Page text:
FIG. 4 is an enlarged schematic cross sectional view taken along section line 44 of FIG. 3 illustrating an interconnect for the package of FIG. 3;

FIG. 5 is an enlarged schematic cross sectional view equivalent to FIG. 4 of an alternate embodiment interconnect;

FIG. 6 is an enlarged schematic cross sectional view equivalent to FIG. 4 of an alternate embodiment interconnect;

FIG. 7 is an enlarged schematic cross sectional view equivalent to FIG. 4 of an alternate embodiment interconnect;

FIG. 8 is an enlarged schematic cross sectional view equivalent to FIG. 4 of an alternate embodiment interconnect;

FIGS. 9A and 9B are enlarged schematic cross sectional views equivalent to FIG. 4 of an alternate embodiment interconnect during fabrication using a bonding tool of a wire bonder apparatus;

FIGS. 9C and 9D are enlarged schematic cross sectional views equivalent to FIGS. 9A and 9B of an alternate embodiment interconnect during fabrication using a bonding tool of a solder ball bumper;

FIGS. 10A and 10 are enlarged schematic cross sectional views equivalent to FIG. 4 of an alternate embodiment interconnect during fabrication;

FIG. 11 is an enlarged schematic cross sectional view equivalent to FIG. 4 of an alternate embodiment interconnect;

FIG. 12 is an enlarged schematic cross sectional view equivalent to FIG. 4 of an alternate embodiment interconnect; and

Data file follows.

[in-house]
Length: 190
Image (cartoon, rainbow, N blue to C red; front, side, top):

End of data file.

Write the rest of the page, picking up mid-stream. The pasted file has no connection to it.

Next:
FIG. 13 is an enlarged schematic cross sectional view equivalent to FIG. 4 of an alternate embodiment interconnect.

DETAILED DESCRIPTION OF THE PREFERRED EMBODIMENTS

Referring to FIGS. 2A-2B, steps in a wafer level process for fabricating chip scale semiconductor packages in accordance with the invention are illustrated. Initially, as shown in FIG. 2A, a semiconductor wafer 30 can be provided. The wafer 30 includes multiple semiconductor dice 32. Each die 32 has a desired size and peripheral shape (e.g., rectangular, square). In addition, each die 32 includes integrated circuits in a desired configuration. Still further, each die 32 includes die contacts 48 (FIG. 3) in electrical communication with the integrated circuits. The die contacts 48 (FIG. 3) can be conventional thin film aluminum bond pads formed on the face of the die.

As shown in FIG. 2B, a sheet of flex circuit 34 can be bonded to a face (circuit side) of the wafer 30. The flex circuit 34 comprises a multi layered sheet of material similar to TAB tape, such as “ASMAT” manufactured by Nitto Denko. The flex circuit 34 can be formed separately, and then bonded to the wafer 30. Bonding of the flex circuit 34 to the wafer 30 will be more fully described as the description proceeds. Following bonding of the flex circuit 34 to the wafer 30, the dice 32 can be singulated by saw cutting, or shearing the wafer 30, to form individual chip scale packages 42 (FIG. 3).